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Music is something that nearly everyone does in one form or another. History would suggest that listening to music and playing music seems to be a vital part of what it means to be human. Certainly in our own time we can recognise how society has become saturated by musical activity and how impossible it would be to live a completely silent existence.
Consequently the course at Oxford engages with music as a rich, multi-textured subject. There are many aspects to the course – including music history, analysis, composition, performance, philosophy of music, orchestration to name a few – and it is this variety which makes studying Music at Oxford so rewarding. All of these different areas are linked, however, by the necessity of critical thinking.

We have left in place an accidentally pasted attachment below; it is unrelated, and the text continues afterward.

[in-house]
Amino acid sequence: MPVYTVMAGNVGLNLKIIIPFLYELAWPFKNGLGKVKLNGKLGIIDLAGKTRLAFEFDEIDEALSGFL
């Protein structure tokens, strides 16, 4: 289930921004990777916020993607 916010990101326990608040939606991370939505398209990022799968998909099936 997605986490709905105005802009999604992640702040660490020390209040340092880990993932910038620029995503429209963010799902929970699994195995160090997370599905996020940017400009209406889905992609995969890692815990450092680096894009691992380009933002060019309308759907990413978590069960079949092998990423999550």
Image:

It is important that you consider what you want from a Music degree. If you want to focus exclusively on performance and on the betterment of technique on your instrument, then possibly another university or conservatoire might be a better fit. That is not to say that performers will regret coming to Oxford. Many wonderful performing musicians have benefited from study in Oxford and it is common for music graduates to attend conservatoires or to enter the profession directly after their degree. When considering whether to apply to Oxford, however, it should be remembered that performance is only one part of a discipline which has numerous scholarly sub-disciplines. Studying Music here involves reading and writing about music, as much as playing it.
Course duration: 3 years
Student uptake: 2 or 3 undergraduates a year